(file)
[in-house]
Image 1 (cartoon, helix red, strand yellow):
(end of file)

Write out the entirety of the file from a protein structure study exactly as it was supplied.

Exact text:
[in-house]
Image 1 (cartoon, helix red, strand yellow):